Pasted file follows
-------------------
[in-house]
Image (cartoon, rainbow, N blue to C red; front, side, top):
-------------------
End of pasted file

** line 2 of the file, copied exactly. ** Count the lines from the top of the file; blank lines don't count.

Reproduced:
Image (cartoon, rainbow, N blue to C red; front, side, top):